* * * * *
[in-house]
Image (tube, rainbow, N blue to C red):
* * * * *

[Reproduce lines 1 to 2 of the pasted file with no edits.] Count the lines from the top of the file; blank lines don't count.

[in-house]
Image (tube, rainbow, N blue to C red):